This leads to delays in disbursement of wages and less allocation of work, adversely affecting rural women workers depending on the scheme for their livelihood. Issues of late payments have persisted with causes ranging from delayed release of funds by the Union government, and alleged corruption, to faults with the attendance monitoring application as well as Aadhaar-based payment systems.

In a country where 73.2% of rural women workers are engaged in agriculture, women own only 12.8% of land holdings, IndiaSpend reported in September 2019. Therefore, allocations to the farming and allied sectors impact women’s lives and livelihoods.

“Recent patterns of allocation of the agriculture budget predominantly favour individual farmer-centric initiatives, neglecting the significance of community-based schemes such as Paramparagat Krishi Vikas Yojana (PKVY) which is designed to promote organic farming through the formation of clusters and Bio-Resource Centres,” observes Ankita Akodiya, Policy Analyst at CBGA. With 30% of its allocations earmarked for women farmers, PKVY has the potential to support women’s collective farming if provided greater economic stimulus. The scheme has been subsumed under the Rashtriya Krishi Vikas Yojana (RKVY) in 2022-23. Moreover, despite subsuming several schemes, RKVY as an umbrella scheme also saw a decline in allocations in 2023-24.

Anganwadi and ASHA workers remain overworked and underpaid

Anganwadi workers, helpers and Accredited Social Health Activists (ASHAs) form the frontline of India’s healthcare, but they are overworked and underpaid, as IndiaSpend has reported previously. By July 2023, India had 1.3 million anganwadi workers and 1.2 million anganwadi helpers, government data show. Anganwadi workers are paid between Rs 3,500 and Rs 4,500, and helpers earn Rs 2,250 as honorarium. Apart from small performance linked incentives up to Rs 500, their pay includes additional honorarium paid by states. Late 2023 saw strikes by anganwadi workers for higher pay, better working conditions, recognition as government employees, and various forms of social insurance in Andhra Pradesh, Telangana, Odisha, Bihar, and Maharashtra.

Anganwadi services are provided under the aegis of the Saksham Anganwadi and POSHAN 2.0 scheme, which is a centrally-sponsored scheme. The scheme is funded by the Union government and states in a 60:40 ratio. As of December 2023, Tamil Nadu and Goa had the highest provision for additional honorarium, based on qualification and experience, while Arunachal Pradesh and Nagaland did not offer additional pay, government data show.

Anganwadi helpers earn around Rs 6,810 per month in Delhi, which needs to be revised taking into account the average cost of living in the city, field studies by Action India, a grassroots organisation working for women’s empowerment, found.

Given the stagnant allocations for such schemes over the past three years, raising allocations as well as the honoraria paid to ASHAs and Anganwadi workers constituted key recommendations for the budget from the Feminist Policy Collective.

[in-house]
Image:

Nirbhaya fund still under-used

India has a range of laws, policies and programmes that seek to address gender-based violence. Public resources are allocated annually to implement these, but most measures funded only come into play once the violence has already occurred, as we reported last year. Even for these measures, resources are insufficient, our analysis showed.

The Nirbhaya fund is a non-lapsable corpus fund for women’s safety established in 2013. Data submitted by the Ministry of Women and Child Development to the Rajya Sabha in December 2023 show that until financial year 2023-24, only 70% of funds--Rs 5,119 crore of Rs 7,212 crore--were utilised under the scheme since inception. The ministry said low utilisation could be due to non-receipt of utilisation certificates from states.

The Nirbhaya fund is marred by patterns of skewed distribution in favour of surveillance projects and severe under-utilisation of funds, IndiaSpend reported previously. For instance, of the total fund appraised so far (Rs 12,008.4 crore), nearly a quarter has been appraised for a single project–’Safe City’ proposals of eight cities.

For 12 of the 42 projects for which budgets were appraised, no money was utilised, the dashboard shows. This includes the ‘scheme for critical care and support for accessing justice to rape/gang-rape survivors and minor girls who get pregnant’, for which a budget had not been approved as of April 2023 by a ‘competent financial authority’, according to the scheme dashboard.

This twin issue of under-utilisation and lack of funds affects the implementation of projects under the Nirbhaya Fund. A case in point is One Stop Centres, where inadequacy of salaries and delayed payments tend to distress staff. Provision of quality services for survivors of violence remains a daunting challenge. “The use of Nirbhaya fund for staff salaries is discouraged but should be pursued to ramp up utilisation as well as improve overall implementation of interventions,” argued a gender-responsive budgeting expert.